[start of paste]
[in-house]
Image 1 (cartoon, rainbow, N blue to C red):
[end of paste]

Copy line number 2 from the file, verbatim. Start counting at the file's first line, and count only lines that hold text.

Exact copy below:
Image 1 (cartoon, rainbow, N blue to C red):